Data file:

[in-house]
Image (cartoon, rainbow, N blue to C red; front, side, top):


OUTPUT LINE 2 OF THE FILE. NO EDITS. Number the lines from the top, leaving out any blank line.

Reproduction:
Image (cartoon, rainbow, N blue to C red; front, side, top):